Here is an opportunity that you won’t want to miss. In 2013, Tufts University and CIRCLE launched a national study of college student voting rates called the National Study of Learning, Voting, and Engagement (NSLVE). Nearly 600 campuses are currently participating, and we encourage your institution to join the study as well. This opportunity is free, confidential, easy, and protective of your students’ privacy.
In 2012 a call to action went out to the higher education community with the publication of “A Crucible Moment: College Learning & Democracy’s Future.” The report lays out specific steps “to make college students’ civic learning and democratic engagement a pervasively embraced educational priority and a resource for democracy.” The national conversation that followed was only the first step.
The next step is using programs like NSLVE to evaluate which strategies to increase student democratic engagement are most effective so they can be supported and spread to as many campuses as possible.
NSLVE provides you with an unprecedented opportunity to learn in aggregate numbers:
- how many of your students are eligible to register to vote,
- how many registered and voted,
- where your students voted (locally or out-of-state),
- the method your students voted (regular or absentee ballot), and
- voting rates broken down by specific demographic and academic information such as age, gender, race/ethnicity, field of study, and class level.
You will receive this information in a confidential report tailored for your institution. You can see a sample here.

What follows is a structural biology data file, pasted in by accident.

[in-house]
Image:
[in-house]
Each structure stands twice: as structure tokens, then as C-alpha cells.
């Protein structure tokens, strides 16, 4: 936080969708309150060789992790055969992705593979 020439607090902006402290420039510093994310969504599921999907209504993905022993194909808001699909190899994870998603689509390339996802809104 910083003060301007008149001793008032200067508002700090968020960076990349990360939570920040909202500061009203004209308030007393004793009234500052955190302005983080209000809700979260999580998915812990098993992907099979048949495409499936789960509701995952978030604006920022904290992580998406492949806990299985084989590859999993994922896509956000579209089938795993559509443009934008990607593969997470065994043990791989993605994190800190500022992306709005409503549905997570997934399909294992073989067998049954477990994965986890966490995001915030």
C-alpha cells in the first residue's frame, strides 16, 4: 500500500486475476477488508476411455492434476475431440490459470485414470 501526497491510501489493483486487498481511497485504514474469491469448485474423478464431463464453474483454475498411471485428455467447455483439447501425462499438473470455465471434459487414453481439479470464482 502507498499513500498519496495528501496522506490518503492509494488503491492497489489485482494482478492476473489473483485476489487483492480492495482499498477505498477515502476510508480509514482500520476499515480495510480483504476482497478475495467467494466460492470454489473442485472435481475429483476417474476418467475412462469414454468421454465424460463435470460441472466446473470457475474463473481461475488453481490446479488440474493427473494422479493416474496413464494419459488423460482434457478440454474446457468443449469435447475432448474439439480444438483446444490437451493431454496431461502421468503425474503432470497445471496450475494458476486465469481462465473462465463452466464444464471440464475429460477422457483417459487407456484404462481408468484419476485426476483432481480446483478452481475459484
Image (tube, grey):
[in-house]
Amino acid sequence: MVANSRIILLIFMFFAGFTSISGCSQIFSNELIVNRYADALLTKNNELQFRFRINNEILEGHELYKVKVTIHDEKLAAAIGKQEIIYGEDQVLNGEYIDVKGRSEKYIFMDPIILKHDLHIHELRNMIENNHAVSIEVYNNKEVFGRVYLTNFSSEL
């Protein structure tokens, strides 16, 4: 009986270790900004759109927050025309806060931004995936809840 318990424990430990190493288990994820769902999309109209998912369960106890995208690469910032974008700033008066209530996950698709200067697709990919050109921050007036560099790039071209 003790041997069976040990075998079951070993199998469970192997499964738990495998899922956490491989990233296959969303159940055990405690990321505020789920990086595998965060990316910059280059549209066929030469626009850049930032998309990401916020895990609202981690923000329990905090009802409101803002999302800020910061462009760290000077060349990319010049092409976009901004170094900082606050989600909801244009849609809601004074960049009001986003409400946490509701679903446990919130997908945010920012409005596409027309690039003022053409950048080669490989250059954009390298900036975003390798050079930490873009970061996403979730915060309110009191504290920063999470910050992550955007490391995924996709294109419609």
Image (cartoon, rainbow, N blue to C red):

To ensure that your students’ privacy rights are fully protected, NSLVE researchers work with de-identified student lists. Your registration and voting rates will be known only to NSLVE researchers and will remain confidential. Reports go to only one person on your campus, you or your designee.
Joining the study is easy. Simply complete this authorization form and email it to email@example.com. This is not a survey, and you do not need to compile student lists or records. For more information, see this FAQ or contact Ishara Casellas Connors, NSLVE associate director.
To receive your 2012 and 2014 voting rates, you must sign up by March 31, 2015.
Friday, March 21, at 2 p.m. EST.
CIRCLE (the Center for Information & Research on Civic Learning & Engagement) recently received a grant to study college student voting rates. 260 universities and colleges have already signed up including 43 American Democracy Project member institutions.
The National Study of Learning, Voting, and Engagement (NSLVE) presents an unprecedented opportunity for your campus to learn in aggregate numbers:
- How many of your students are eligible to register to vote
- How many registered and/or voted, and where (locally or elsewhere)
- The way your students voted (regular or absentee ballot)
By participating in this study, your campus will also help build a national database for future research. CIRCLE will be working with de-identified student lists, so your students’ privacy rights are fully protected. This is not a survey!